I’m likely not making a ton of sense, but I find it exhilarating and exciting to write poetry. Thank you so much for your kind words and I’m glad you enjoyed both the poem and that you feel the poems I write engage the reader.

      Cheers! ^_^

      Liked by 1 person

  1. Note to self, beware women with scarred faces. Also, never live in Apartment 2.

    The fact the apartment number was two was a little trippy. A fire escape coming out of the window on an apartment numbered two is clever, whether intentional or not. It created a subliminal mind twist.

    Stanley Kubrick, when he created the film adaptation of The Shining, created an impossible hotel. There are all kinds of impossible rooms, widows that shouldn’t be there (windows revealing the outside world even though the room is situated in the center of the hotel), and other subliminal messages. This created a very effective feeling of inexplicable dread as the viewers subconscious mind tried to make sense of the impossibility. Add the increasingly insane events to the dread of the building itself and you have a powerful combination.

    I thought it was an interesting twist to have the woman as the aggressor. If it was a man with a scarred face, I wouldn’t have batted an eyelash. But a woman with a scarred face, suddenly I’m asking all kinds of questions. Was she a victim at some point? What do these scars look like? Why does it matter? I don’t know. Perhaps some sort of built in subconscious sexism thrust onto me by society. Perhaps because we don’t see many stories with women wandering around and hacking people up.

    Regardless, great entry. You got the gears moving – as always.

    Liked by 1 person

    • Sorry for the late reply. I had to work. Xp I can’t get anything past you. I like that! I was wondering if anyone would notice the fact it had been apartment 2 but she was going out a fire escape. That begs several questions but it is fun.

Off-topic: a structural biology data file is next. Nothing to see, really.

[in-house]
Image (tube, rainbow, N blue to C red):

I quite love The Shining! I found it to be a classic and a fun film that really gets into your psyche. I know it isn’t Kubrick but I also enjoyed the movie adaptation of 1408. I liked the imagery and the story was pretty good. It also helps I was the only person in the theater to buy a ticket when I went so it felt like I was getting my own private screening of the film.

      I do like to throw in things sometimes to see if people notice, so it is extra cool when someone does notice something in an entry that maybe isn’t as pronounced. Then again you do editing as well as writing so you probably view things pretty intently.

      Thank you for the comment and I’m glad you enjoyed the entry. I will be over to your blog soon enough.

      Cheers! ^_^

      Liked by 1 person

      • They couldn’t have picked a better actor for 1408, I love John Cusack. It’s the perfect trifecta for me given the actor, the story, and the genre. I haven’t read the book – oddly enough. Might need to jot that down on the to-read list!

        Liked by 1 person

      • I believe it is in “Everything’s Eventual”. It is one of his short story collections. It originally started out as an audio book short story in a different collection so I suppose choose what you would rather, listen or read, or both?

        Liked by 1 person